The so-called 'Templar of Tyre' is the third and longest section of an important 14th-century chronicle known as the Gestes des Chiprois. Written by a Cypriot knight who served the Templar Master William of Beaujeu as an Arabic translator and a member of his immediate retinue, the 'Templar of Tyre' provides precious contemporary insights, often drawn from the author's personal experience, into events beginning in the early 1230s and ending in 1309 in the East and 1314 in the West. Notably, it covers the last days of the mainland Crusader states and the fall of Acre in 1291 (providing our only eyewitness chronicle of this disaster), as well as providing information on the period following 1291. The author also reports various events in the West, including the wars of the Hohenstaufen in Italy, the rise and fall of Simon de Montfort in England, the trial and dissolution of the Templars in France, and the interminable wars of Genoa and Venice across the Mediterranean. This is the first complete translation of the 'Templar of Tyre' into English.
'… exemplary annotated translation… The text is a lively and sometimes moving account of the last years of Outremer written by a man who lived through the tumultuous events and witnessed many of them at first hand. His is the only eye-witness account of the fall of Acre in 1291 and his description of this last desperate engagement is one of the most vivid portrayals of battle in medieval literature…. This work makes a worthy addition to the Ashgate series of Crusader texts in translation which is proving so useful to teachers and students alike…' English Historical Review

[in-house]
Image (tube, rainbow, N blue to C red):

Contents: Introduction; The 'Templar of Tyre'; Glossary; Bibliography; Index.
The crusading movement, which originated in the 11th century and lasted beyond the 16th, bequeathed to its future historians a legacy of sources which are unrivalled in their range and variety. These sources document in fascinating detail the motivations and viewpoints, military efforts and spiritual lives, of the participants in the crusades. They also narrate the internal histories of the states and societies which crusaders established or supported in the many regions where they fought. Some of these sources have been translated in the past but the vast majority have been available only in their original language. The goal of this series is to provide a wide ranging corpus of texts, most of them translated for the first time, which will illuminate the history of the crusades and the crusader-states from every angle, including that of their principal adversaries, the Muslim powers of the Middle East.